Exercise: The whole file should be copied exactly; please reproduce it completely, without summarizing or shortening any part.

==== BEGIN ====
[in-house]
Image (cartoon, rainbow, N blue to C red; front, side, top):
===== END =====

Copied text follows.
[in-house]
Image (cartoon, rainbow, N blue to C red; front, side, top):